Nalaka Gunawardene calls mobile phone a murder weapon. According to him, what the mobile has already stabbed, and is in the process of effectively finishing off, is the development sector’s over-hyped and under-delivered phenomenon called the ‘telecentre’.
So how is the mobile phone slowly killing the telecentres, asks he, into which governments, the United Nations agencies and other development organisations have pumped tens of millions of dollars of development aid money in the past decade? Well, it’s rapidly making telecentres redundant by putting most or all of their services into literally pocket-sized units. If everyone could carry around a miniaturised, personalised gadget that has the added privacy value, why visit a community access point?
The editor of state owned ‘Daily News’ may not necessarily agree. Excerpts from his editorial today (May 20):
President Mahinda Rajapaksa’s avowed goal to give every Sri Lankan the chance to access the outside world through information technology if realised no doubt would be a huge achievement for a third world country such as ours.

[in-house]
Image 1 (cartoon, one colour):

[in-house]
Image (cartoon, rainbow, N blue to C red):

Speaking at a ceremony to mark “International Telecommunications Day” at Temple Trees on Saturday the President sounded optimistic of achieving this goal when he said that the “Computer Literacy” rate which was just 5 per cent when his Government assumed office has now reached 20 percent due to the “Nenasela” (= Local telecenter- Ed) programmes. This is certainly a commendable level of achievement and signify a gradual shift in the emphasis of the country’s education structures which earlier catered to improving only the literacy rate ‘literally speaking’ which hardly carried any value in the local or international job markets.
So are telecenters a solution to all our problems or over-hyped and under-delivered phenomenon?
LIRNEasia may have its own view, but nevertheless like to hear our intelligent readers.